3 Questions For My Favorite Asian Chef

(Image credit: Apartment Therapy)

“I’ve never been interviewed before”, said my sister-in-law when I asked if she could tell me a little about her cooking. She’s the best Asian cook I know. Half Japanese, half Filipino, Jey grew up in Los Angeles. It was there that she was brought up on her mother’s mealtime customs and where she learned to cook a mish mash of delicious Japanese and Filipino dishes that she continues to share with our family today.

On the day I spoke with her, I started off by asking her about must-have tools for the Asian cook. I knew one of them before she answered, as I’ve never seen her in the kitchen without wielding a pair of extra-long chopsticks:

1. What is your favorite, must-have kitchen tool for Asian cooking, and why?
A wok. Most versatile pan ever. Good for sautéing, deep frying, and boiling. Also, a long pair of chopsticks are a must. They can be used as tongs, to stir with, and to skewer foods.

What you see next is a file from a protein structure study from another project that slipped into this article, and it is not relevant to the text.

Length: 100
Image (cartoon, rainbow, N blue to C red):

2. What staple ingredients are a must in your pantry?
Shoyu (soy sauce) is a must! The brand matters. I like to use Kikkoman: Umakuchi (Enhanced Flavor). Amakuchi (sweetened) is also very flavorful. Shoyu is used in many sauces. Use it in place of salt. Also, Hon Dashi (fish flavor base) is something I can’t do without. I use it in soup bases and to enhance flavors in almost everything else I cook.

3. How does the traditional way of serving a meal in your home differ from Western customs?
Asian meals consist of a few different dishes placed on the table to be shared with everyone. Each person gets a bowl of starch, particularly rice, and a plate placed in front of them so they may take small portions of the other dishes to place on their plate. An accompaniment of pickled vegetables is also served with the meal. Chopsticks are used instead of forks and spoons. It is proper to pick up your soup or rice bowl to scoop food into your mouth. Slurping noodles shows the cook that you’ve enjoyed their cooking. These are more of a Japanese custom. I’m not as familiar with Filipino ways, as we were brought up with my mother’s traditions.

(Thanks, Jey!)

(Image: Flickr member Paul A. Hernandez, licensed for use under Creative Commons)